Drought worsens in Southern California, with Ventura County in worst category

An aerial view of Lake Casitas near Ojai in Ventura County shows a receding waterline on June 22.(Brian van der Brug / Los Angeles Times)

As sweltering drought conditions continue to worsen throughout California, Ventura and other Southern California counties have shifted from “extreme” to “exceptional” drought conditions, according to the U.S. Drought Monitor Report.

Along with Ventura County, northwest Los Angeles County, most of Kern County and the eastern portion of San Bernardino County are also in the federal report’s highest range, signifying “exceptional drought.” Almost all of California is facing detrimental drought conditions, with 50 of the state’s 58 counties under a state of emergency amid excessive drought conditions.

In Ventura County, Calleguas Municipal Water District officials have declared a water shortage, continuing their call to residents to conserve water.

A map of California, showcasing the areas affected by drought conditions as of Aug. 17.
(U.S. Drought Monitor Report)

“The board’s action urges residents, businesses and agencies in Metropolitan’s 5,200-square-mile service area to lower the region’s water demand to stave off more severe actions in the future, which could include restricting water supplies to Metropolitan’s 26 member agencies,” officials said in a statement Tuesday.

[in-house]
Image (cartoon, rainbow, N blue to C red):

Officials at the Metropolitan Water District of Southern California, which supplies imported water to Calleguas Municipal Water District, said the state’s water supply has been “increasingly stressed by the extreme drought.”

Lake Mead, NV - June 28: An aerial view of drought's effect at Hemenway Harbor, Lake Mead, which is at its lowest level in history since it was filled 85 years ago, Monday, June 28, 2021. The ongoing drought has made a severe impact on Lake Mead and a milestone in the Colorado River's crisis. High temperatures, increased contractual demands for water and diminishing supply are shrinking the flow into Lake Mead. Lake Mead is the largest reservoir in the U.S., stretching 112 miles long, a shoreline of 759 miles, a total capacity of 28,255,000 acre-feet, and a maximum depth of 532 feet. (Allen J. Schaben / Los Angeles Times)

Source: LA Times


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